Coach Mike Bianco's fifth team is once again using the fall to work on fundamentals, to get to know each other, and to focus on getting better each day.
"The kids have been working out for more than a month, and now it is good to get them all back on the field together," said Bianco, who has taken three of his four Rebel teams to the NCAA Tournament, including hosting an NCAA Regional for the first time in early June this year. "Fall practice is a chance for our kids to get acclimated to what we are doing. We'll do a lot of fundamental work, a lot of drills, and we'll get to know each other better. We'll know a lot more about ourselves after these four weeks."
What Bianco and staff know for sure already is that they must replace a few starting positions, namely shortstop, right field and left field.
Gone to graduation is four-year veteran starting shortstop Matt Tolbert. Also gone after his senior season was starting left fielder Charlie Babineaux. In right field, Seth Smith was drafted with one year of eligibility remaining and chose to go pro.
"We do have to basically replace the corner outfielders," Bianco said. "We have to replace our shortstop. Those are some priorities for us to look at this fall."
Sophomore Ryne Porter and freshman Zach Cozart are both in the mix at shortstop. Mark Wright, Brian Pettway, Miles Franklin, Alex Presley, Jon Jon Hancock, Jon Morgan Mims, newcomer Logan Power, and perhaps another player or two will be in the hunt for all the outfield spots. Of those, Presley has the most experience in the outfield, although only a sophomore.
The other areas of the infield are more set. At third base, although there is some competition from a couple more players, sophomore Chris Coghlan has to be way out front of the others for that spot. At second base, senior Cooper Osteen is back, although he actually has played a little at shortstop this week. Newcomer JoJo Tann of Jackson is also being looked at in the middle infield.
Stephen Head will be at first base, but when he pitches, returnee Peyton Farr and newcomer Brett Bukvich have been at first. Also newcomer C.J. Ketchum and Justin Henry, who redshirted last year, are possible first basemen or for other spots in the infield.
At catcher, senior Barry Gunther is back along with sophomore Justin Brashear as the Rebels are strong at that position.
During last Monday's Scout Day, pitchers who were draft eligible went first on the mound. There are some familiar names who will be pitching in the spring for the Rebs – Head, Mark Holliman, Anthony Cupps, Eric Fowler, Matt Maloney, Brian Pettway, and Taylor Fowler, all who could be drafted after this season. Other new pitchers will also be looked at long and hard this fall.
"It's a long time until the first game (Tues., Feb. 15 vs. Arkansas State in Oxford)," Bianco said. "It's hard to define the personality of a team this early. There's so much to learn. But you do look for team chemistry. You do begin to look for that personality. You want players to understand their roles better."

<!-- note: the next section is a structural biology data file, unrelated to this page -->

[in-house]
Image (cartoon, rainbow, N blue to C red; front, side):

Probably the most discussed situation of the fall concerns a temporary fence that has been located just inside the permanent outfield fence. There is a good possibility that the current fence will be moved in before the season starts.
The present dimensions are 330 feet down the lines, 375 in the alleys, and 400 to center field. The ones being looked at currently are 330 down the lines as they are now, 360 in the gaps, and 390 to center field.
Oxford-University Stadium/Swayze Field plays the largest of any ballpark in the Soutneastern Conference, both dimension-wise and because of its locale. The field is basically in a hole, and the air is often heavy from a humidity standpoint and the fact that there is not much wind. The balls do not carry out as well. During the early part of the season which is still in winter, whatever wind blows is usually out of the north in the face of batters.
Of course, that goes for both Ole Miss and the opposing team. But Bianco sees merit for his program in moving the fence in, which will most likely happen after fall practice is over.
"It's something I've contemplated for four years," he said. "I'm convinced it is best for our program. That we will change our style of baseball is a misconception. It will not take away from the importance we have always placed on pitching and defense and bunting and moving runners over.
"Gorilla Ball was a phrase coined in the 1990s," he continued. "This is not about playing gorilla ball. Home runs are a good thing. But you can't win if you don't pitch and run the bases well and play defense. We understand that. For example South Carolina plays in the smallest ballpark in the league, and they hit a lot of home runs. But they also pitch very well too.
"What we don't want to have is the largest ballpark in the SEC that also plays like the largest park in the SEC. We don't want to have the smallest either. We want to be somewhere in the middle. But our philosophy or our system will not change. The bottom line is if we didn't think it would help us, we wouldn't do it."
The Rebels will give their smaller park and temporary fence its first "real games" test this weekend with intrasquad scrimmages Saturday at 1 p.m. and Sunday at 1 p.m.
Baseball Rebs complete first week of fall practice
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